The SI's anti-magic abilities seem awesome... except that because he doesn't have a chi signiture, or any way to sense it, he's drawn the attentions of multiple powers that would see him dead many times over, including the Dark Generals,The Queen of Hell, and Happosai.
Boring but Practical: Cologne's "ancient Chinese remedies" for the SI's sleep problems turn out to be whiskey and Ritalin.
The SI simply goes out and buys a helmet when Washuu doesn't provide him with one.
The SI is dying of kidney failure (slowly) due to the nanites, and needs to keep drinking, as of the second Ranma ½ arc. What does he use? Ancient chinese remedy? Martial arts kidney-boosting move? Nope, just drinking Gatorade.
The Ranma ½ arcs seem full of these... which is especially funny given how ridiculous the setting is.
To stop the rampaging Shampoo, he splashes her with water.
Does the same with Ranma and Ryoga to keep them from destroying Ukyo's shop.
To beat Happosai, he simply sets his precious bag on fire and stomps on his foot.
Break the Haughty: The SI's defeat of Motoko and his subsequent refusal to fight her in the first loop has had...interesting effects on her psyche.
To a much lesser degree, Luna in the second Ranma ½ arc. She recently gained incredible physical gifts, and the ability to transform into a human, something she clearly relishes... and got curbstomped twice by a Dark General and the Grandmaster of Ranma's martial arts school, who has been described as "Casual Mountain-crushing kung fu Godzilla."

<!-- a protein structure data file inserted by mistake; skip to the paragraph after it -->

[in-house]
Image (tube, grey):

Shampoo, in the chapter after that, loses much of her attitude towards the SI when he explains exactly what he has been going through, and she realizes that this weak, flabby, slow, non-martial artist, outsider male has kept it together in a situation where she would have given up a long time ago.
Breather Episode: The Tenchi Muyo! arcs tend to be this. They have Washu, supplies, friendly people who aren't trying to kill the SI, and more. In every other world (save for the unknown world skipped in the first volume) the SI has had to fight for his life.
To a lesser degree, the Those Who Hunt Elves arcs can also count as this. While the main cast did initially attack, things were quickly sorted out and they became friendly. He has had virtually none of the major plot problems the other worlds have had, and due to their similar story of being shoved into another world, they not only sympathize with him, but offer the SI and Luna training and weapons.
Brick Joke: In the first Ah! My Goddess arc, the SI and Luna have a discussion about how foolproof things tend to underestimate the tenacity of fools. The next ( Magical Girl Lyrical Nanoha) arc has one of the Numbers say that her strategy was foolproof, leading the SI to quote the earlier conversation.